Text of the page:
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Weed control trials return to Lady Bay this spring

10 May 2023

A weed growing from brickwork and causing damage

Last spring and summer, trials took place in the Lady Bay area to look at alternative ways of treating weeds. This was undertaken in response to the recommendation from the Highway Services Review to investigate alternative weed spraying treatments/regimes.

There were four weed control zones, each using a different control method.

Results were affected predominantly by the weather. July and August saw the sixth driest summer on record. This meant weeds in the trial zones received less water, inhibiting their growth and germination.

Of the methods available in the first trial, the recommendation was to continue exploring the potential of the ‘Spray On demand’ and single Glyphosate application techniques.

The trial will comprise two different weed treatment zones monitored weekly. More information on the trial along with a map of the streets included can be found at our website

The trial is now underway and will run until the end of the year.

The saying goes that “weeds are wild plants in the wrong place!”. They may have benefits for wildlife in the garden and can aerate soil with their roots. They can also produce beautiful flowers and add interest to sites. However, many people find them unsightly.

Weeds are only an issue when they begin to damage the surface of the road, or in footways where they make surfaces uneven causing trips and falls or force users to move out into the road. Weeds can also force their way into walls and fences causing damage and making the structures dangerous. Weed problems such as these should be reported to Nottinghamshire County Council.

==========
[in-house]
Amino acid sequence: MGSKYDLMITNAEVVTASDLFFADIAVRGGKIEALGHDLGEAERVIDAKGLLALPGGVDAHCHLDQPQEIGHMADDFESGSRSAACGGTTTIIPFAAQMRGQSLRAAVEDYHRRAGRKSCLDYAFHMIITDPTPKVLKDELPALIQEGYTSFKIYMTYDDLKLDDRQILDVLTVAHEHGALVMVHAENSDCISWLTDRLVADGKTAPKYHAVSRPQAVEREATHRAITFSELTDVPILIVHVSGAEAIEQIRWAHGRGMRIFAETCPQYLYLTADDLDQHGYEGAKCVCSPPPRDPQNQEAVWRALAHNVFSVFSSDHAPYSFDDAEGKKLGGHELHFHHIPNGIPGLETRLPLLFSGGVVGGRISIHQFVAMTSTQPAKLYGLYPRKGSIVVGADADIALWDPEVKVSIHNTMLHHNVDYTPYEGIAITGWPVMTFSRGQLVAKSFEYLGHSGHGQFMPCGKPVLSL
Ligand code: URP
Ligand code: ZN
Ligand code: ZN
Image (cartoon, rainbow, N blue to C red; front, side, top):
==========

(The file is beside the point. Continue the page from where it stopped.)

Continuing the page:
Councillor Neil Clarke MBE, Cabinet Member for Transport and Environment at Nottinghamshire County Council said: “We know that residents have concerns around weeds in their neighbourhood but also around the methods used to control them.”

“We are particularly keen to further explore our initial findings that natural features of the area, such as shade and temperature, can help to manage the weeds.

“The trial does not mean weed treatment will stop entirely. If residents have concerns about dangerous weeds causing damage to the highway or a danger to people in their area, we encourage them to report the issue and we will investigate.

“Please bear in mind that it can take a while for a weed to die away completely, even after treatment. It’s best to wait for up to six weeks before reporting a site again. We will monitor the area weekly as part of the trial.”

Issues with weeds, grass cutting, trees and hedges can all be reported by calling the Customer Services Centre on 0300 500 8080 or by using the website or MyNotts App.


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